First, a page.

‘Tangerine’ Director on Why the Movie’s Transgender Stars Deserve Recognition

Sean Baker and his two leading ladies Mya Taylor and Kitana ‘Kiki’ Rodriguez have been nominated for Independent Spirit Awards — are the Oscars next?

Sean Baker Red Rocket
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2015 may be heading towards an all-time box office record thanks to “Star Wars: The Force Awakens” and “Jurassic World,” but they weren’t the only movies to make waves this year. For every big-budget blockbuster there was an indie gem like Sean Baker’s “Tangerine,” a microbudget movie shot on an iPhone 5s that stars transgender actresses Kitana ‘Kiki’ Rodriguez and Mya Taylor.

“Tangerine” follows a sex worker (Rodriguez) as she and her best friend (Taylor) tear through Tinseltown on Christmas Eve searching for the pimp (James Ransone) who broke her heart. The gritty yet charming film has been nominated for four Independent Spirit Awards — Best Feature, Best Director (Baker), Best Female Lead (Rodriguez) and Best Supporting Female (Taylor) — and while that sort of recognition will encourage more people to see “Tangerine,” there’s no reason why the Oscars should be considered out of reach.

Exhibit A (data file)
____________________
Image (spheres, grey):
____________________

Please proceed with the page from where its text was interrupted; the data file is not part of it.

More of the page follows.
Baker isn’t one to campaign for awards but he recognizes the social importance his film carries. With that in mind, Baker spoke to TheWrap about why the Academy Awards don’t need a special category for transgender performers, why the film’s mysterious title has a special meaning and the challenges of shooting on an iPhone.

TheWrap: When I tell people how much I liked “Tangerine,” some of them say, ‘Well, you only liked it because it was shot on an iPhone for no money.’ Have you found that people have been dismissive of the film because of the way it was shot?
Sean Baker: We read Twitter and get Facebook messages, and every once in a while people dismiss it and say, ‘Get over the iPhone thing,’ and we knew that would happen. We knew that the iPhone approach was going to be perceived in many ways, and one of them was as a gimmick. We also knew that people might see why we used it and see the benefit we saw from it. We take all the criticism in stride and understand there will always be people who will be skeptical about things. But there’s a lot of commentary about how it’s not just an iPhone movie, with people urging others to give this film a chance, because the least important thing about this film is the iPhone. When you get the general public tweeting that kind of stuff, it’s nice.